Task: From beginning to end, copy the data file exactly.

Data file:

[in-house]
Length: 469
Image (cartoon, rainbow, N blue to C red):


[in-house]
Length: 469
Image (cartoon, rainbow, N blue to C red):